Cnet's Greg Sandoval interviewed juror Manuel Llagen, who claims the jury didn't rush to judgment, but seems to have based its decisions on video testimony from Samsung's executives whom he thought were "dodging the questions" posed by Apple's attorneys. The Groklaw blog has a devastating takedown of how the jury contradicted itself several times and had to go back and redo some of its conclusions. Maybe they should have taken just a scosh more time, eh?
The problem isn't so much with the jury -- though you have to wonder if a jury trial makes sense in a case as complex as this. The problem is with the patent system itself. Just about everyone now agrees that software design patents are stupid, even the parties who win many of these cases. So why can't we do anything to fix that?
Some legal observers have noted that this ruling, if it stands, may force companies like Samsung to "innovate" more. I have a couple of responses to that.
One: Samsung makes more innovative types of smartphone than any other company on the planet. I've been to their manufacturing centers, I've met with their design team. Trust me, Apple has nothing on Samsung when it comes to innovation. The problem is that people want iPhones and phones that look and feel like iPhones. They don't actually want innovation.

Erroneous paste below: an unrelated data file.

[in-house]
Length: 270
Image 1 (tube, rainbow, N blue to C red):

Two: More innovation isn't necessarily better. Do I really have to learn a new way to enlarge documents on every damned tablet I pick up? Should I really be forced to read a manual to figure out how to make a call because only one smartphone maker is allowed to use a picture of a phone on its dialing icon?
Tell me the last time you heard someone say, "I bought this tablet because I love the way it enlarges documents when I tap on the screen and those rounded icons are just to die for"?
For the record, I own both an Apple iPad 2 and a Samsung Galaxy Tab 10 -- because I am that kind of geek. The biggest differences? The iPad 2 has a much better battery life than the Galaxy but is also a much bigger pain in the ass because of Apple's "iWay or the highway" philosophy. Otherwise, they are just Internet and app delivery devices. Period, full stop.
There's no need to reinvent the steering wheel, either.
What do you think of the Apple v. Samsung verdict? Post your weighty deliberations below or email me: email@example.com.
This article, "Apple v. Samsung: What's wrong with this verdict?," was originally published at InfoWorld.com. Follow the crazy twists and turns of the tech industry with Robert X. Cringely's Notes from the Field blog, and subscribe to Cringely's Notes from the Underground newsletter.